Finally, defendant's contention that there was insufficient evidence to show that the violation charged in Count One was within the statute of limitations is without merit. The statute under 26 U.S.C. § 7201 is six years. See 26 U.S.C. § 6531. The statute of limitations runs from either the date the tax return was due or, if affirmative acts of evasion take place after that due date, from the date of the last affirmative act. See United States v. Ferris, 807 F.2d 269, 271 (1st Cir. 1986). In the instant case, defendant's tax return for the year 1981 was, after his filing of a time extension request, due on or about October 15, 1982. Inasmuch as the Indictment was returned on April 25, 1988, the violation charged in Count One was not barred by the statute of limitations.
4. Sufficiency of Evidence As to Counts 5 & 6
In Counts Five and Six, the defendant was convicted of violating Title 29, United States Code, § 1111, which, in relevant part, prohibits persons convicted of certain felonies from acting as a consultant to employee benefit plans. While defendant concedes that the evidence established, first, that defendant was convicted of an offense listed in 29 U.S.C. § 1111 and, second, that during the period covered by the Indictment, he was prohibited from serving as a consultant to employee benefit plans, defendant maintains that the evidence was insufficient to support a verdict that he did, in fact, serve as a consultant to employee benefit plans.
29 U.S.C. § 1111 defines a consultant as "any person who, for compensation, advises, or represents an employee benefit plan or who provides other assistance to such plan, concerning the establishment or operation of such plan." 29 U.S.C. § 1111(c)(2). Based upon both the original legislation and the clarifying amendments passed in 1984, it is clear that Congress intended to prohibit certain convicted felons from consulting and advising employee benefit plans. We find no basis in either the language of the statute or the legislative history to support defendant's contention that, prior to 1984, 29 U.S.C. § 1111 only prohibited the direct employment of convicted felons as consultants by employee benefit plans. Rather, we conclude, based on the plain meaning of the statute, that certain convicted felons were prohibited, irrespective of their precise employment status, from receiving compensation for advising or consulting employee benefit plans.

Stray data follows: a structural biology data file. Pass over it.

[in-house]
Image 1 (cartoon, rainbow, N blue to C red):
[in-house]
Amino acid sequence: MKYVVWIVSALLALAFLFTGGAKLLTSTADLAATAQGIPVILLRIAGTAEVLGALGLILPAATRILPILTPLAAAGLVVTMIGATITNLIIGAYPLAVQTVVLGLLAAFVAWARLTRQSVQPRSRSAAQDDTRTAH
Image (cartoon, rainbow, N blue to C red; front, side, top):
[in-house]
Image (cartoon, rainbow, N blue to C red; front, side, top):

At trial, the government established that the defendant was compensated by Pilgrim Life Insurance to service employee benefit packages that were sold to the New Jersey Liquor Store Association (NJLSA) and Globe Security Systems, Inc. Additionally, the evidence established that Intergroup Administrators Corporation (IAC) administered the employee benefit plan for NJLSA and that the defendant received compensation from IAC during this period. Finally, the evidence showed that the defendant attended numerous trustee meetings of and met with representatives of the employee benefit plans for the purpose of advising them as to the establishment and operation of the plans. We conclude that there was sufficient evidence to support a verdict of guilty on Counts 5 and 6.
For the reasons stated, this Court will deny defendant's motions for judgment of acquittal and new trial.
AND NOW, this 18th day of October, 1988, for the reasons set forth in this Court's Memorandum of October 17, 1988,
IT IS ORDERED that defendant Timothy Smith's Motions for Judgment of Acquittal and For a New Trial are DENIED.